Snapchat LogoThe instant video sharing service Snapchat is once again in the news. This time it’s about the two 20-something year old founders turning down a reported $3 billion buyout offer from Facebook.

Keep in mind that Snapchat is a three year old company with no revenue and no business plan. The company has been the darling of teenagers who are able to send pictures that disappear once viewed. Earlier on there was controversy about Snapchat being used in the service of sexting. You can insert your own Anthony Weiner riposte here. (BTW, Weiner did not use Snapchat, but probably wishes that he had).

Snapchat is obviously hoping to join the elite ranks of Google, Facebook and, now, Twitter that have joined the pantheon of Internet brands. There’s no other reason why it’s founders would have scoffed at a $3 billion offer. They may have neglected to look at less successful holdouts like Digg and Pointcast. Remember them?

The first question for entrepreneurs, and everyone else, is how much is enough? This deal would leave the two founders more than set for life (or multiple lives). It would also leave them free to go on to perhaps even bigger and better projects. Yet, they’re holding out. They don’t want to leave money on the table. That assumes, of course, that there will be money on the table. Remember, at present, no one is asking them to justify their revenues. Oh wait, that’s because there are no revenues.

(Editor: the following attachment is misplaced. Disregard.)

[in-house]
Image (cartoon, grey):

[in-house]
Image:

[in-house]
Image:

Here’s why I think that Snapchat would be wise to take the money and run (or at least to walk quickly). It is not a disruptive technology. It’s cool and popular, but it does not transform the industry or the way we communicate. Both Google and Facebook have done that. They were also making buckets of money when they went public. Not only does Snapchat have to make a bucket of money, they have to figure out how to make a bucket of money.

It is great to have an innovative product, which Snapchat is, to have confidence in it and to want to derive the maximum profit from it. I would say it’s wiser to look at its prospects realistically and to know when to grab the cash.


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